On the Run ...
with Margaret Owen, OBE ...
The International Criminal Law Bureau Blog has interviewed Margaret Owen OBE as the first feature in our 'On the Run' interview series.
Margaret has recently been made a Door Tenant of the
9 Bedford Walk Chambers
(specialising in ICC and UN tribunals trying war crimes).
Please click on the link below for the interview:
You can also read the article here:
Article published by Kathryn Hovington on May 9th, 2012
IRAQ - MANY WIDOWS - POLYGAMY ISSUES CONSIDERED - DIVISIVE
26 January 2011
By Roula Ayoubi BBC News, Baghdad
Years of conflict in Iraq have left the country with more than one million war widows and a shortage of young unmarried men - pressures that may be bringing about the return of polygamy.
Politicians have suggested financial incentives for men who marry widows
Hanan lost eight members of her family in the war, including her husband, and was left to bring up three children alone.
The experience has not broken her. She continues to work as a hairdresser in her noisy and lively home on Haifa Street in Baghdad .
But she still needs a "man-shelter", she says - and this is why she ended up married to a married man.
"When he proposed to me, he said he was divorced," she says.
"But after we got married, he got back together with his first wife, because he has children with her."
He now stays with Hanan once a week. But while she has only reluctantly accepted a situation where she shares a husband with another woman, some in Iraq are actively promoting the idea of polygamy.
It's a practice that became less common in the 20th Century, but politicians put forward a proposal last year to offer married men financial incentives to take on a second wife.
•There are estimated to be about one million widows in Iraq
•One in 10 households in Iraq are headed by women, rising to 18% in some districts
•In cities across Iraq , women are harassed for engaging in their professions, wearing clothes deemed inappropriate, or simply stepping out of their homes
Under current Iraqi law, polygamy is illegal unless authorised by a judge - though it is part of the country's Islamic tradition and has been backed in recent years by some religious groups.
In Iraq 's largest province, Anbar, a charity called Angel of Mercy has been helping widows remarry for the last four years. Dozens of marriages have been completed, with the widows often marrying their husband's relatives.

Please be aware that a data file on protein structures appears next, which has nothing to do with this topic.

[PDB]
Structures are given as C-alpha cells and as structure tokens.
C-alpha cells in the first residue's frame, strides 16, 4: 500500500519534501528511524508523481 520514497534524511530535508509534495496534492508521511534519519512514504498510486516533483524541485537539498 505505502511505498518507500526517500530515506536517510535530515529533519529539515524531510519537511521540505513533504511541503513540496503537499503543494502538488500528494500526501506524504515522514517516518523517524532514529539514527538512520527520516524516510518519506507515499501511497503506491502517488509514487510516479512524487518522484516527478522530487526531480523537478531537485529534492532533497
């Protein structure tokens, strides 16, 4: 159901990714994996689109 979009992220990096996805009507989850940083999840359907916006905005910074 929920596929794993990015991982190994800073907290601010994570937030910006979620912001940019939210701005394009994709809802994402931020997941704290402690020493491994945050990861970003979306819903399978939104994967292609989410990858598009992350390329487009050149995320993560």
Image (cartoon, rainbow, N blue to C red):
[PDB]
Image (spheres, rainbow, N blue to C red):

Women's leaders are divided on the subject.
Nada Ibrahim, a member of parliament, supports the idea of polygamous marriage in principle - as long as a husband treats his wives "with justice".
However, she also believes that the government should provide more support for widows, to make it easier for them to survive without men.
"Widows are often young and don't have jobs, health insurance or social security. We shouldn't encourage them only to get married," she says.
Hana Edwar of the Amal charity also believes that the government should help widows financially to enable them to decide their own fate. She's firmly opposed to polygamous marriage.
"It's about women's dignity," she says. "Women need to be educated about their rights."
Women in illegal second marriages are often "in an inferior situation where they are unprotected and prone to abuse by men", she adds.
But one of Hanan's reasons for remarrying was that she felt unprotected as a widow.
"I used to feel vulnerable with no support, afraid that anyone could attack me and anyone could harass me," she says.
"In the beginning I used to feel angry - I used to cry”
"A man's protection is like a shelter. And this is what a woman needs from a man."
Unlike some widows, she is capable of supporting her children alone.
Her second husband, Mostafa, a friend of her first husband's, offered her much-needed support after his death in 2005. They married a year ago.
She says she had to accept his reconciliation with his first wife, because she could not come between him and his children.
Another factor influencing her feelings was her own pregnancy with Mostafa's child.
"The little foetus in my womb ended our problems and made us accept things and stop arguing," she says.
"In the beginning I used to feel angry. I used to cry. But I learned how to cope. What do I gain from my situation if I keep feeling angry and sad? I need to accept the reality."
Any further information, please contact: Margaret Owen, (Director, WPD) email: firstname.lastname@example.org